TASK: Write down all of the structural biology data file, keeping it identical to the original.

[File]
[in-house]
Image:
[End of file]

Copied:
[in-house]
Image: